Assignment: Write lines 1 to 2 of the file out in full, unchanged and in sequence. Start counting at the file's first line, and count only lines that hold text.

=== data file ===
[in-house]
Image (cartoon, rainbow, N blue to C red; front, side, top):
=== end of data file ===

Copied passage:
[in-house]
Image (cartoon, rainbow, N blue to C red; front, side, top):